Scrum is about team self-management. In order to progressively and clearly share management practices between a manager and his team, we use Delegation Poker.

Delegation Poker is a card game that is promoted by Management 3.0 practices.
The objective is to foster discussions about different management matters and how they should be handled in the team (https://management30.com/product/delegation-poker/).

Step 1: Brainstorming and listing on the different topics of “What is Team Management ?”
Step 2: On each topic, we play the delegation poker game with the dedicated cards
Step 3: After discussion, each topic is assigned a score from 1-7 for further reference

During Step 2, each team member, and the manager, indicate for the each topic the value he would choose (everyone presents his card at the same time). The values are the following:

1- Tell – I will tell them
2 – Sell – I will try and sell it to them
3 – Consult – I will consult and then decide
4 – Agree – We will agree together
5 – Advise – I will advise but they decide
6 – Inquire – I will inquire after they decide
7 – Delegation – I will fully delegate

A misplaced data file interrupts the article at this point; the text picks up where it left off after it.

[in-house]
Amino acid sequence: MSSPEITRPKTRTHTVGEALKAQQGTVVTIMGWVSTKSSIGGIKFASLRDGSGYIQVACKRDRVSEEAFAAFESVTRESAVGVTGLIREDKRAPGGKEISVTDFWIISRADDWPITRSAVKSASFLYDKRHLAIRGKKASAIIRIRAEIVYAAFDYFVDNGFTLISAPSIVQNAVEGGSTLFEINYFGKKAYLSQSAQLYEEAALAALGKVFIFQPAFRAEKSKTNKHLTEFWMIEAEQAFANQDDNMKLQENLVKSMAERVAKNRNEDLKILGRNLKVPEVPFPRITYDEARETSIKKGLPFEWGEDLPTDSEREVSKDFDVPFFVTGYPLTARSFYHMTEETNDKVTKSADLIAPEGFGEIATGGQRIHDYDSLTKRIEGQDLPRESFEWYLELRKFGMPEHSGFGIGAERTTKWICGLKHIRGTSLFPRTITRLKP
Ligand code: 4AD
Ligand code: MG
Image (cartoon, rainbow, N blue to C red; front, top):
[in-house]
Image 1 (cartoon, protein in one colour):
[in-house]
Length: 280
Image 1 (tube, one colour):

where:

I = manager
we = team

The results are discussed, and if needed multiple rounds of game are played until a decision is reached between the manager and the team.

This practice helped us to clarify certain aspects, like for example who is supposed to decide on the holidays. Is the manager having the final say in this ? Why does he want this ? Is he ready to let this decision to the team ? The value of this practice often lies in the discussion behind the vote. The discussions raise concerns from both the manager and the team which ultimately help both to better understand each other. This practice also shows where there is room for the team to take more initiative and responsibilities.

At the end of the delegation poker you create your delegation board with a summary of all the decisions that were made. The format doesn’t matter (paper version on a wall or in a wiki) but the content serve as reference for future management practices.